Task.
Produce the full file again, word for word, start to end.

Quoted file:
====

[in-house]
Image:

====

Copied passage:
[in-house]
Image: